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UBC Theses and Dissertations

Child neglect situations : a comparative case analysis of two neglect cases, from Vancouver agencies, 1955 Matison, Sonja Constance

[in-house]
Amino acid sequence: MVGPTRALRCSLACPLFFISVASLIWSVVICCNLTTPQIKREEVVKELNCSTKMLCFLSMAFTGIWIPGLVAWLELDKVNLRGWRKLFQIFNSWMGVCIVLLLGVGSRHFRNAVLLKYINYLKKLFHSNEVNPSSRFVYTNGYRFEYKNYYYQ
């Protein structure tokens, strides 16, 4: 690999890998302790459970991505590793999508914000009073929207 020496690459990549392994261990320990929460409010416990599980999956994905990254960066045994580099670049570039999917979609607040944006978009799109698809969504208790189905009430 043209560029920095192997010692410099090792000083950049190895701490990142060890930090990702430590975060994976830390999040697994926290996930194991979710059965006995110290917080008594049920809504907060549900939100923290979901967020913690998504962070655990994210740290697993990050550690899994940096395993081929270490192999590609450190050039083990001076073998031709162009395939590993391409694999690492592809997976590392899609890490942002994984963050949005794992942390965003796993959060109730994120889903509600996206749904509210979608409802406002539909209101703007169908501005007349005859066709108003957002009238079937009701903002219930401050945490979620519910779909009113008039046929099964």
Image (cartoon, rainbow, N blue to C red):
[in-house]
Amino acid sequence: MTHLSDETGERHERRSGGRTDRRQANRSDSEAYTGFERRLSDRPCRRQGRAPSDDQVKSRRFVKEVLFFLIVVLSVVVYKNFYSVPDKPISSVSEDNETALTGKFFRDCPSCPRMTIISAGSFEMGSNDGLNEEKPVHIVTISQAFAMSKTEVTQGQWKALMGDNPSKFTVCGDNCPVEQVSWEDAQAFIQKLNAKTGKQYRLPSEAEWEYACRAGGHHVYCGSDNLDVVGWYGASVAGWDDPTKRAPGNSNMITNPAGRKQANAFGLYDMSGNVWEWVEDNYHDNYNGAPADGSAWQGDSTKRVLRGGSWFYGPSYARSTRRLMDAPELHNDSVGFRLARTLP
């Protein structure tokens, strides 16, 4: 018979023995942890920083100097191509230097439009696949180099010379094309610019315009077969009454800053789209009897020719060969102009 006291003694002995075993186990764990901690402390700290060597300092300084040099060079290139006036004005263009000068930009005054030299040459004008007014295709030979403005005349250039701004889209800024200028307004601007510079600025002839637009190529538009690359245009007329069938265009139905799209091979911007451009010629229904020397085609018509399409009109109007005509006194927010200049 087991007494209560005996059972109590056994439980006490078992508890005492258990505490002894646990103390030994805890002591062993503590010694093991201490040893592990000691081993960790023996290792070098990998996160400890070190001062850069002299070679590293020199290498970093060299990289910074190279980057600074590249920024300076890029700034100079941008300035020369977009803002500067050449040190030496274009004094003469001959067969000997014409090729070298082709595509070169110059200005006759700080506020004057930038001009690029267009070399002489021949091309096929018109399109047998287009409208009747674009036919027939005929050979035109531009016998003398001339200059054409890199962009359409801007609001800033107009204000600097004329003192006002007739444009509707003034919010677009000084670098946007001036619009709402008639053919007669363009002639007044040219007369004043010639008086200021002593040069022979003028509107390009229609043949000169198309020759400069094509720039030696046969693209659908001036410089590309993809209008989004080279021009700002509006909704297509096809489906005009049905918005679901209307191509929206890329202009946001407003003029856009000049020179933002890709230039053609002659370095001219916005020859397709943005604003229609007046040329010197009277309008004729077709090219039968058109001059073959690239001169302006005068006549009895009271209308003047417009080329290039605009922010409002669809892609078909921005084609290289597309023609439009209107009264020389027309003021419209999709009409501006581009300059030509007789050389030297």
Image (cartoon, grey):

Casework with neglectful parents has particular problems, influenced by the special responsibility and function of the protection agency. All casework is concerned with bringing the client's personality into adjustment with his environment; in the neglect situation the agency has the added responsibility of making the decision regarding a child's removal from his home. Superficially, these two responsibilities may seem incompatible: on one hand, the worker uses acceptance and understanding to treat the client; on the other hand he may have to use authority to render the necessary services. Workers have difficulty in fusing the two responsibilities into a meaningful casework process. Two cases were used in this study; one is an example of emotional rejection, the other an illustration of both emotional and physical neglect. The cases were presented to emphasise the worker's use of diagnostic information in giving casework help to the clients. The work done was compared with some concepts of social work that are usually considered essential for productive casework. The elements of social work philosophy and practice generally recognized as indispensible to effective casework were often absent in both cases. There was little practical use of the concepts that each individual has worth, potential and ability to change. Moreover, the use of relationship as a helping tool was hindered because of the misuse of authority; it was either over-used or under-used, and in either case was not helpful to the client. Vitally important to any casework progress, but seldom apparent in either case, was a sound treatment plan. Many of the casework difficulties were centred in the fact that the workers were not sure of their function, of the use of authority, and perhaps of their ability to help. It would appear that if the worker has a genuine belief in the basic principles of casework (which must be carried out in relationship with the client), a sound knowledge of human behaviour, and a belief in his own ability to help, many of the foregoing casework difficulties could be remedied.

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